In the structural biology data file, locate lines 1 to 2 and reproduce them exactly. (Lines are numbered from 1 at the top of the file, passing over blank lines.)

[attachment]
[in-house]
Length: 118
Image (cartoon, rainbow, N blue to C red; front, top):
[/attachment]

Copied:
[in-house]
Length: 118